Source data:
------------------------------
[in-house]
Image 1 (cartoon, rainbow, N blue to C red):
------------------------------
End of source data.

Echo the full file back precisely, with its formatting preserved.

[in-house]
Image 1 (cartoon, rainbow, N blue to C red):